Now down to two original members, the Specials still know how to have a dark energy party that deadpans social commentary of infectious ska infused with punk intensity groves. The band is super tight and fill all the gaps from departed members perfectly like the rotating squad of prime premiership football club. The songs are all classics – one of the most important bands from our wild youths, the Specials were game changers. They created musical genres and cultural spaces out of previous classic styles and sparked so many into action. So many bands from the Prodigy to Massive Attack to the Gorillaz all owe them and these days they tour taking in the triumphant lap of honour they so richly deserve.
Not that there is any complacency here – the songs are super tight and played with a love. Terry is as deadpan as ever and his distinctive voice that still gives the band that ghost-like extra is intact but maybe it’s the other long term member Horace who is the real driving force here – his bass playing is extraordinary. Of course on the record you know he is hot but standing ten feet away from him on the stage you really get to immerse yourself in the full gamut of his playing. Melody lines, the groove and lots of octaves are thrown out there as he scampers around the stage like someone a third of his age – he really is a remarkable bass player extraordinaire and the sonic soul of the Specials.
Sunday is normally the day of the dormice – the day of chemical hibernation and repentance but what is this? A huge crowd is gathered at 11 in the morning at the front of the stage for Funke And The Two Tone Baby. The one-man busker armed with a battered acoustic guitar and a bank of electronics is cranking up a holy roller groove and the audience is going wild. A Beautiful Days cult he is an example of the family vibe of the event that sees all manner of waifs and strays build up from gigs in far-flung tea rooms creating a cult audience that rolls them down the hill and onto the main stage. It’s well deserved for Funke And The Two Tone Baby whose huge compulsive electronic funk grooves blast out from the digital and mesh perfectly with the acoustic-driven neo busking anthems.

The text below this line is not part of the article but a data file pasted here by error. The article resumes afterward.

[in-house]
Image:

Deadletter are a frantically intense almost hardcore take on the minimalist twitching grooves of early eighties New York No Wave. They deliver their stripped-down agit funk like a young Gang of Four and add the colour and texture with a honking sax. It’s compulsive stiff and the band sound great – a stunningly tight and full set with that twitching intensity that this music demands.
Noble Jacks deliver their alt folk to a rousing reaction but if there is one act on the whole bill who defines the moment then it’s Bob Vylan. The last two years has seen him build and build his reputation with incendiary live shows and the punk/grime mix that is dancehall detonation. Lyrically he is delivering a serious message to this country. This is a wake up clarion call to England’s dreaming delivered with the kind of invective of Crass but with an added urgency of being a black man in a country that seriously still needs to look at itself.
Bob Vylan has a serious message but also a totally entertaining show. The powerful lyrics and between song speeches and banter are delivered with an hypnotic charm and a devilish sense of humour which makes the message even more pointed and the live show is stunning.
Bobbie Vylan on drums hammers along with the backing tracks whilst Bob Vylan is on his own upfront and is like a high-energy ninja living the songs out with a stunning physicality and boundless bouncing charisma. It’s a state of a nation of address for a nation in a proper old state and an unpinned grenade of anger at the heart of darkness.
French folk crew Celtic Social Club know how to bring the party. Inspired by the Hasta Vista Social Club the band decided that what the film did to take Cuban music to the world the French outfit would do the same with their gallic take on folk musics with a modern adaptation of Celtic music from all its different geographical enclaves like Brittany, Ireland, Cornwall, Isle Of Man, Wales, Galicia, Scotland and the Asturias. Then taking these trad Celtic melodies and filtering them through modern musical synthesis that creates a contemporary setting for these ancient melodies.